4 Cyber Security Month tips for home users

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We all know we should be doing better with cyber security and I understand that it can seem overwhelming for most people.

It should come as no surprise that any expert in any field did not get it all sorted out in one go. Experts spend plenty of time working on their skills and knowledge over a period of years.

But how can you keep yourself and others safe when skilled attackers are out there looking for ways to trip you up, cost you thousands and cause problems.
The good news is that many experts in their field are only too happy to help and understand that this is a gradual process. I will give you a simple list of 4 week-by-week tasks to help you find ways to stay safe.

Week 1: Passwords
This is one of the first areas to address as many people do not use good password practice including making the following mistakes:

  • Reusing passwords
  • Using weak passwords
  • Incorrectly storing passwords
  • Not using multifactor authentication

The key item that will make your life easier is to start with a good password manager like Lastpass (my recommendation) or Dashlane. There are free plans for these services so you can get comfortable with the managers to find the best one for you before having to shell out for a paid version.
Having a password manager means that I:

  • Only have to remember 1 password to open the manager
  • Automatically generate very strong passwords
  • Use the password manager to automatically log me in to various apps and websites
  • Store more than just passwords (Passport numbers, tax file numbers etc.) securely

Good password management thwarts a large number of breaches as attackers often use stolen or reused passwords to break into services and systems.

Week 2: Security Updates
Software updates are used to close security holes which are often exploited by attackers so keeping on top of your software updates for everything you use is very important.
Start with your main devices like computers, tablets and phones by checking for software updates at least once a month. A good way to keep up on what software has updates waiting for you is to subscribe to my free cyber security newsletter. You will be advised when to check for updates and what to expect.
The same goes for your applications from PDF viewers to phone and tablet apps.
This week will also be a great time to look at the programs you have installed and remove any programs or apps that you have not used in the last year. Outdated apps are also often exploited to compromise systems.

Week 3: Backup
This is one of the most vital parts of any cyber security strategy as this is the tool that will help you bounce back from when things go sideways. Regardless of how it happened be it hardware failure, ransomware infection or accidentally fat-fingering a key that deletes a folder it is vital to have a good copy of your valuable data somewhere safe.
There is a simple rule that can help you work out your best backup strategy called the 3,2,1 backup rule.

  • 3 Copies of the data (One copy is your “live” data with two copies of the same)
  • 2 Different mediums (External hard drives, DVD discs, cloud storage etc.)
  • 1 backup is offsite (An external hard drive at another location, a copy of your data stored “in the cloud”)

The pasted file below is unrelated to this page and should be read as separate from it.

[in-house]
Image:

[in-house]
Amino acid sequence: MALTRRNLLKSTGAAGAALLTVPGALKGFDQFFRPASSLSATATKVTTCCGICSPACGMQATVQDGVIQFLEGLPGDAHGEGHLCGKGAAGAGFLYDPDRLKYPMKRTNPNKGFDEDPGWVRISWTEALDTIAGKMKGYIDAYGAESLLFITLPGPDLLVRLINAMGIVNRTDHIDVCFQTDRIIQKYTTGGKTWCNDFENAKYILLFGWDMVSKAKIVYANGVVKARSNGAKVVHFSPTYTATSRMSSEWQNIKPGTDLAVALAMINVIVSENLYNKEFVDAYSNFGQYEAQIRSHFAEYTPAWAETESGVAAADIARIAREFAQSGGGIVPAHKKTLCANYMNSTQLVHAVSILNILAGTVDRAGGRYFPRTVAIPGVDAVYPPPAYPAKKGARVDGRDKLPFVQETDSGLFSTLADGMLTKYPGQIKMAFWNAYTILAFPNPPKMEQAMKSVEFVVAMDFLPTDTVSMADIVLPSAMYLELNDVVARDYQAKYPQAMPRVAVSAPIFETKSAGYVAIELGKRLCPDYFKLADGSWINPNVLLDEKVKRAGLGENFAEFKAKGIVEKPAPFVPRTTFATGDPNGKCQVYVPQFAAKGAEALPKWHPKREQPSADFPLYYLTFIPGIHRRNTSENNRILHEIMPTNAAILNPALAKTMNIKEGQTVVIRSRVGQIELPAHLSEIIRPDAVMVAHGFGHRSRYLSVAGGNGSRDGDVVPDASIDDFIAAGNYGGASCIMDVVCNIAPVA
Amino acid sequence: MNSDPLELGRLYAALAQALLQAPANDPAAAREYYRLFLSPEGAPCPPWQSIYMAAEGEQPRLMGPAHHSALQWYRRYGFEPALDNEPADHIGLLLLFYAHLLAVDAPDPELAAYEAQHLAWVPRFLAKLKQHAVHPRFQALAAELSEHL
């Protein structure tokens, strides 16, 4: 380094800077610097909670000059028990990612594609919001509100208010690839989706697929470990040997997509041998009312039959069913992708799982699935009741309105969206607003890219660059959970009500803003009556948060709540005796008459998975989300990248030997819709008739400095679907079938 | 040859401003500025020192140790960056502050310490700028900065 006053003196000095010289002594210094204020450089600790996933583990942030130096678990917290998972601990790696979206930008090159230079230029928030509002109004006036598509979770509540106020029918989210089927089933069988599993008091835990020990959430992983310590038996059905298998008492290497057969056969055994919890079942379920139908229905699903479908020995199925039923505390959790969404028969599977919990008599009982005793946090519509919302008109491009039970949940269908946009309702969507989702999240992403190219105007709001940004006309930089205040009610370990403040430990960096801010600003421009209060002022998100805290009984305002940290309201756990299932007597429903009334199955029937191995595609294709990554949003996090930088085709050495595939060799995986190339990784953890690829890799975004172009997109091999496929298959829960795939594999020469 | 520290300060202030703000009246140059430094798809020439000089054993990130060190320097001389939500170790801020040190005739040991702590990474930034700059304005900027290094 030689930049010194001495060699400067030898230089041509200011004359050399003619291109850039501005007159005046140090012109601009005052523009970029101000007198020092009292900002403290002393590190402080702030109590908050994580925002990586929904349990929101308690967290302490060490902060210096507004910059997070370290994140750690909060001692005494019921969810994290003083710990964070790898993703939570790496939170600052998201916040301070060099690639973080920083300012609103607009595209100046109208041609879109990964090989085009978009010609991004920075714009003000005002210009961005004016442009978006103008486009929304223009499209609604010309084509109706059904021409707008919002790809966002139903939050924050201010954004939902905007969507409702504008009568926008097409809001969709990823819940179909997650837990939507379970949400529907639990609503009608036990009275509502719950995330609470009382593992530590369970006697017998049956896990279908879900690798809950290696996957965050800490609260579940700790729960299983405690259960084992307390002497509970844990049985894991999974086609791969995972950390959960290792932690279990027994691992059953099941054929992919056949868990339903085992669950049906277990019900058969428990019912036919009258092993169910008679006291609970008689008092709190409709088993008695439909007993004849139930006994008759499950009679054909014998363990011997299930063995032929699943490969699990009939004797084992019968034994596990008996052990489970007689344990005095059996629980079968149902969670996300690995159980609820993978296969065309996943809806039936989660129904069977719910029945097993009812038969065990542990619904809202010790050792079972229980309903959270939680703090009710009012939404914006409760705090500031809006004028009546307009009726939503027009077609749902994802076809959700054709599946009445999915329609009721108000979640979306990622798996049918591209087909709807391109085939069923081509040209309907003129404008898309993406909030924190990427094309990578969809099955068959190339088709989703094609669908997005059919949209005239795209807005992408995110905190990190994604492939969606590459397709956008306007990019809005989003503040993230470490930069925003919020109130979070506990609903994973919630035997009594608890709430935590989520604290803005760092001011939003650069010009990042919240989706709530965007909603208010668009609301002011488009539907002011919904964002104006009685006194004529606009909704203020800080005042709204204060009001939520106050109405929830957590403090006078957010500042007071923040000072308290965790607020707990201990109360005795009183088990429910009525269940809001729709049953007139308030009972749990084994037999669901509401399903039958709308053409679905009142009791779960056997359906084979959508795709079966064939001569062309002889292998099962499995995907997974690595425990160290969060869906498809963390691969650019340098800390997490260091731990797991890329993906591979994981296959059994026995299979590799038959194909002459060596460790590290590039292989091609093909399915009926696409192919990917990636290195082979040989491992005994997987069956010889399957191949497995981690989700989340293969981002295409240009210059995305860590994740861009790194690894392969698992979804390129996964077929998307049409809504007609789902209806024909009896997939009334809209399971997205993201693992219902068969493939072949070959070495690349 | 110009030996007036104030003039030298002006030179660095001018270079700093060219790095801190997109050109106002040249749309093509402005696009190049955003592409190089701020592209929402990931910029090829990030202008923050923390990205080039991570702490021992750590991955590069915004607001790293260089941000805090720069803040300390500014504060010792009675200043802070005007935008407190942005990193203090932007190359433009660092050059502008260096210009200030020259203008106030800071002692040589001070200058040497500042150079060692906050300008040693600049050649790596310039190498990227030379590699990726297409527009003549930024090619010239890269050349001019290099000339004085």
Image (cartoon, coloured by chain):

Once you have these backups you should also test your backups by restoring data.

  • Create a dummy file or folder
  • Take a backup of all your data as per usual
  • Delete the dummy file or folder
  • Restore the data and check to make sure the dummy file has been restored.

There is software available to buy to manage your backups or you can look at the backup utilities that are often bundled with your Windows or Mac system.

Week 4: Attitude/Awareness
This is one of the best tips that most people forget. Cyber Security is not a set-and-forget deal. It takes a mindset that is constantly asking why and never taking what you see on the internet or in your email at face value.
90% of all cyber security incidents are a result of user action. This means that by simply taking a breath before you click on ANYTHING you can significantly reduce your exposure.

This is why attackers try to create a sense of urgency in their scams because people do things they normally wouldn’t when under pressure. Taking your time before deciding to follow any instructions can buy you the time you need to think about the risk and stop it from succeeding.

Bonus Week: Multi Factor Authentication
If you really want to step up your security you can enable 2 factor or multi factor authentication on services that support it.
Using an app on your smartphone (like Google Authenticator) you can use a rolling code to step up from just the username/password combination and make it nearly impossible for anyone to crack an account even if they do have your username and password.

If you have made it this far, you are probably looking at this list feeling like this is a lot to take in. This is why this post is broken down to week-by-week steps so you can take your time and come back to this post.
Cyber security is really about building good habits. The difference is that we are doing this on a shortened timeline. I can remember a time where home security systems were not a big deal but now we have constant surveillance systems for our homes, businesses and cars connected to our phones without even thinking about it. We have adjusted in the past so there is no reason we can’t adjust with a little guidance from people offering to help.

Offer to help your friends and family by sharing this post with them because when people you know are compromised, you are also put at risk.

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